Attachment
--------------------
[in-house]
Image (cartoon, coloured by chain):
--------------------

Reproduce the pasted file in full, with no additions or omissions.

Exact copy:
[in-house]
Image (cartoon, coloured by chain):